Dog-gone tricky on Thompson Creek |

Dog-gone tricky on Thompson Creek

Some of the fabled fins of the Thompson Creek hike. (Janet Urquhart/The Aspen Times)

CARBONDALE ” Thompson Creek was a great choice for a weekend hike, but for what turned out to be a couple of unanticipated hurdles.

It had long been on my list of hikes yet to do, so I jumped at the chance to check out the area’s legendary fins ” improbable, rocky outcroppings that jut from the hillsides on either side of the creek, as if the crumbling foundations of long-gone castles lined the route. Some of them are huge; others are no wider than a hand-made stone wall might be.

Farther downstream, the trail drops into a canyon-like ravine, replete with enough red slickrock to give sections of it a Utah-ish feel. We figured the water would be running low at this time of year, making the creek easy enough to negotiate when the trail essentially disappears, leaving hikers to pick a route along the water.

Lulled by the warm days, we hadn’t figured on the shelf ice that lined the creek banks and the treacherous coating encasing many of the rocks and boulders.

We were perhaps 30 minutes into the hike when it became apparent we’d have to cross. I’m not sure who required more coaxing to make the tricky leap ” me or one of the three dogs in our company. Newly adopted after being transplanted from the Gulf Coast, the pooch was less than thrilled with the whole cold water and ice thing. I know exactly how she felt.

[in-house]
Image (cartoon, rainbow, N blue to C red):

I wavered on a boulder, one hand on a hiking pole and the other extended toward my exasperated, would-be savior on the far bank. Encouraging words ” “C’mon, you can do it” ” were directed at both me and the dog.

In the end, we both made it. I opted for a landing on the slick shelf ice, figuring there was no way I was going to leap to an upright landing on an uneven boulder. The ice held.

Nearby, the dog followed suit, getting a dunking in the cold, but shallow water. Her canine companions waded back and forth repeatedly, apparently impervious to the water temperature.

A few hundred yards later, it was time to cross back to the other side. I managed, with two sticks and two conveniently placed boulders and a minimum of whimpering. The dog steadfastly refused.

Our party was split ” two people and two dogs heading downstream on one side of the creek; the skittish dog and her owner picking their way down the other side.

When we reached a spot where the hesitant pooch could easily leap from the far bank to our side, she still refused. Not even peer pressure from our dogs, who kept leaping back and fourth across the water to fetch a stick, could sway her.

Ultimately, we all turned around. At some point, the apprehensive dog’s owner was forced to pick up all 65 pounds of her and rock hop across the water to get her back on the trail.

I was chuckling until we got back to our respective vehicles. He had a clean, dry dog and we had two soggy ones with a generous layer of dirt caked to their underbellies. Dog baths are a regular end-of-hike routine at our house.

If only they’d stay out of the water.

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